Welcome to the first instalment of our Eric Gregory Award 2017 ‘How I Did It’ series. We asked the winners of this year’s awards to explain the process behind one of their award-winning poems. First up, Richard O’Brien writes about ‘4 Rue Sarrazin’. The Eric Gregory Awards 2018 will open for entries in September.
A number of the poems in my submission for the Eric Gregory Award took as their subject historical or fictional characters, but it’s probably uncontroversial to admit that most of these were about myself in some way or another: my fears, my neuroses, my concerns.
Imagining a poem in the voice of Richard Cromwell (Oliver’s dweeby, disappointing son) gave me a way to explore some aspects of my relationship with my own father. Writing about Mad Men’s elegantly cruel Roger Sterling helped to scratch what has become a familiar itch in my writing: how to make sense of the privilege of my position (white, straight, male), and how to critically assess the effect those qualities have on easing my passage through the world.
Despite this confessional streak, in the last couple of years I started to feel that I had only ever written about myself through lenses and mirrors. Though I don’t believe that the least apparently chiselled poem must by default be the most revelatory (take Tony Harrison’s ‘Them and [Uz]’), I knew that my frequent use of traditional forms might sometimes be a kind of refuge, a defence against disclosure. It’s rare that I find myself wanting to begin a poem without my familiar creative (and emotional) support structure, but these days I’m also constantly writing in the awareness of what Sandeep Parmar has persuasively identified as a ‘low-risk game of truth and meaning’ in ‘the conservative, mainstream British poem’. These, then, were the kinds of concerns worrying at the back of my mind when I started work on a sequence titled ‘Closed Doors’, for which ‘4 Rue Sarrazin’ was perhaps the third or fourth poem written:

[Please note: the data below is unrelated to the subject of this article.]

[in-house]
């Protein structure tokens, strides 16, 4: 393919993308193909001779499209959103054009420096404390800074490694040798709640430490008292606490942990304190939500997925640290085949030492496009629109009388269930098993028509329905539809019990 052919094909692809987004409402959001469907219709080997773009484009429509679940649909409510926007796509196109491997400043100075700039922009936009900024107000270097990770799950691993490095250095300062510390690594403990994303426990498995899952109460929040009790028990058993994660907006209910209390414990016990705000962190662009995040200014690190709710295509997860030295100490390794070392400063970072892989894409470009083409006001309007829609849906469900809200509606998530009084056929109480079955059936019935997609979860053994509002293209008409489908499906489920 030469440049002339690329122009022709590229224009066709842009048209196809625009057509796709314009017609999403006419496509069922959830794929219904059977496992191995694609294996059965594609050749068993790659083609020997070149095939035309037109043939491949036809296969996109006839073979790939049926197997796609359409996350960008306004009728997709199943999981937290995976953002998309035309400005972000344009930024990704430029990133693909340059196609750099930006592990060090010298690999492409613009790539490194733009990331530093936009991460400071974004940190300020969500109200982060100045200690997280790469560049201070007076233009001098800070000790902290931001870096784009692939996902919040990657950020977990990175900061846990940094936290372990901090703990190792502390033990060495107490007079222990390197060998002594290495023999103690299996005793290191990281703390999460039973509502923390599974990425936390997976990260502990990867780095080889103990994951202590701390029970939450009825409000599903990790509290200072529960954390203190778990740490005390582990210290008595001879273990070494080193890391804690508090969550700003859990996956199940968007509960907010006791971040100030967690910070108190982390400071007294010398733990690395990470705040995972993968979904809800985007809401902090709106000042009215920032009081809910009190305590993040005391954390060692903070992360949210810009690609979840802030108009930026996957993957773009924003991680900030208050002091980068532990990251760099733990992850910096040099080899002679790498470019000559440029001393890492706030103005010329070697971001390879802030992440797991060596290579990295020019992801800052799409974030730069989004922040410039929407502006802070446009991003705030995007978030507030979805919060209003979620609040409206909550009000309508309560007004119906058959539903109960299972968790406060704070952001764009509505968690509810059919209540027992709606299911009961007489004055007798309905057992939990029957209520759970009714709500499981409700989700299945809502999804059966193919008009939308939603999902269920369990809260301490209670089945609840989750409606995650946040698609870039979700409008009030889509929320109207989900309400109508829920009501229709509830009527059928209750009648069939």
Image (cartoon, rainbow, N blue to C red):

4 Rue Sarrazin
In the top floor flat, Nantes, Rue Sarrazin:
a couch with orange cushions no one chose;
the floor (stone, somehow?) cold against my toes;
a kitchenette I’ll never use again.
There was a cupboard lined with bathroom tiles
our jovial, vague landlord tried to fit
a shower in: the plumbing wouldn’t stretch
that far, he told us once, after a while —
so there they stayed. Johanna had a map
of Europe, countries marked with playground slurs,
and though I almost never spoke to her,
one day I came back from a weekend trip
to find the condoms missing from my wardrobe.
The wall pitched steep above my bed; a window
looked on the never-open church below,
roof ringed with angels. I left without a note.
My intention behind the sequence was, roughly speaking, to piece together from a series of situated memories how I became the person I am today. I was thinking to some extent (if I recall correctly…) about verse autobiographies like Byron’s Childe Harold’s Pilgrimage and Auden’s response in Letter to Lord Byron, and I especially liked the latter’s mix of the literary and the mundane. I wanted to risk some degree of personal confession (as Sandeep Parmar’s quote might suggest), without the project turning into what Luke Kennard, when I interviewed him for Prac Crit, described as ‘a kind of propaganda of the self.’
‘4 Rue Sarrazin’ is the fourth of the poems chronologically, and what connects them is that each, except the last one, is set in a room from a previous period of my life that I now can’t go to: friends moved out; I moved on; I no longer have any reason to be at a party in a French secondary school. One of the epigraphs, from my favourite musician John Darnielle, explains the motivation behind turning over old stones. Commenting on his song ‘Genesis 3:23’, a fictional – at least I think so? – account of breaking into his own old house, he tells Pitchfork: ‘Every place that you left is Eden in some way.’
This quote set me thinking about these inaccessible rooms as dividing lines – ways of marking off certain periods of my life – and thinking about what I had or had not learnt in the aftermath of leaving them behind. In this case, I was summoning up one of the two times I’d lived in Nantes, a city in the west of France, when I was twenty-two and working for a local radio station. Some of the ‘Closed Doors’ poems are far more self-critical, driven by quite a powerful sense of shame at what I was doing, thinking, and writing at those stages of my development. There’s less outright flagellation here, but you probably should say goodbye to your roommate when you leave a flat you share, even if you don’t like each other very much.